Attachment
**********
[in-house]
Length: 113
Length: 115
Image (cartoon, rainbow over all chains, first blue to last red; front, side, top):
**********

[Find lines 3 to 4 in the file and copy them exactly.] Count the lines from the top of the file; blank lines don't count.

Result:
Length: 115
Image (cartoon, rainbow over all chains, first blue to last red; front, side, top):